If there’s one thing we know about Jerry Seinfeld’s personal life, it’s that he absolutely loves cars. Head to his collection garage in Manhattan and you’ll find an impressive $1.4 million worth of cars, arranged over three stories. However, that also means Jerry Seinfeld knows when something isn’t quite right with one of his collection… Especially if it seems to be a fake!
It’s no secret that Seinfeld’s favorite cars are Porsches, considering he has one of the largest collections in the world. So, it’s quite common for the comedian to head to classic car dealers and buy yet another vehicle to add to his collection. Sometimes he holds onto them and keeps them in his Manhattan collection, and other times he sells them on for a profit. Unfortunately, things don’t always go to plan.
Selling A Classic Porsche
Back in March 2016, Jerry Seinfeld sold a 1958 classic Porsche for $1.5 million to a company called Fica Frio in the Channel Islands. However, by 2019, this car dealer had filed a lawsuit against the comedian for allegedly selling them a fake Porsche. The company sued Seinfeld in the hope they could recover the money they had spent on this less than authentic vehicle!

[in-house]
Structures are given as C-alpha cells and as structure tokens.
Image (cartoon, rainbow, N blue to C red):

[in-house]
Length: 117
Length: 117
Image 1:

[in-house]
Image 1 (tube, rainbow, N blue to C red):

Buying It Originally
However, for Seinfeld, he is allegedly just as shocked as Fica Frio. The comedian had originally purchased the car from a Californian car dealer called European Collectibles back in 2013. Seinfeld spent $1.2 million on the classic car, which came with a certificate of authenticity. He had no idea that what he was buying – and then going to sell to Fica Frio – was a fake. According to the lawsuit, this isn’t the first time that European Collectibles have sold a car that was then alleged to be inauthentic.
So, what’s next for Jerry Seinfeld and his lawsuits? According to his lawyer, the comedian has no liability in the issue and therefore could just do nothing! However, he wants to make things right for Fica Frio and so is chasing down European Collectibles to ensure there’s no money lost for him or the company that purchased his alleged fake Porsche.